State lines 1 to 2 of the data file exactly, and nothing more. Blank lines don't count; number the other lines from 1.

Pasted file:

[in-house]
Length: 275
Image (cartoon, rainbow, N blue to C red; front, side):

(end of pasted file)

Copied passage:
[in-house]
Length: 275